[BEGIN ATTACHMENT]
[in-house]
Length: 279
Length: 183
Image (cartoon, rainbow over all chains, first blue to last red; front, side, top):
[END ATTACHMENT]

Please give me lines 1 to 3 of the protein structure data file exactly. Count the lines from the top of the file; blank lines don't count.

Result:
[in-house]
Length: 279
Length: 183